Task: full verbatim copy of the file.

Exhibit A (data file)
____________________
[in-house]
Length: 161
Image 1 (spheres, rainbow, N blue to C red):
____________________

[in-house]
Length: 161
Image 1 (spheres, rainbow, N blue to C red):